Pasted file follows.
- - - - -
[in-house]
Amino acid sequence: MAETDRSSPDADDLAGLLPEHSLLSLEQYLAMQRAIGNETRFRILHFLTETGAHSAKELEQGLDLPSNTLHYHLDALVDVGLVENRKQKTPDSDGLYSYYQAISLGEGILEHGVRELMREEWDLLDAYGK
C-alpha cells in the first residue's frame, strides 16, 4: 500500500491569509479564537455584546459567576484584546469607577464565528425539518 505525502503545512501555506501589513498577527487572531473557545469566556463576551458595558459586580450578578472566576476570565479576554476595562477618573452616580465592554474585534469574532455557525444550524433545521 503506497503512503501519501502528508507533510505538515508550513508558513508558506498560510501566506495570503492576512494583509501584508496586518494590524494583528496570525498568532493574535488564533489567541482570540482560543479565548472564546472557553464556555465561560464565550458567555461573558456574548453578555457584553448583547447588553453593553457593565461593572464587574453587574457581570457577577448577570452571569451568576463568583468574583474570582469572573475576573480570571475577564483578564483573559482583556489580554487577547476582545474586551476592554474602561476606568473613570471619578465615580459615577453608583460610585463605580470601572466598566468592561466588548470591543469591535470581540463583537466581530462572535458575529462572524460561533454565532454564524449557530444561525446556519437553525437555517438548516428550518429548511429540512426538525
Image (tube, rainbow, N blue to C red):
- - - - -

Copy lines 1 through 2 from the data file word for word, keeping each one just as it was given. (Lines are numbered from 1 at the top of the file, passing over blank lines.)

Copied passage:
[in-house]
Amino acid sequence: MAETDRSSPDADDLAGLLPEHSLLSLEQYLAMQRAIGNETRFRILHFLTETGAHSAKELEQGLDLPSNTLHYHLDALVDVGLVENRKQKTPDSDGLYSYYQAISLGEGILEHGVRELMREEWDLLDAYGK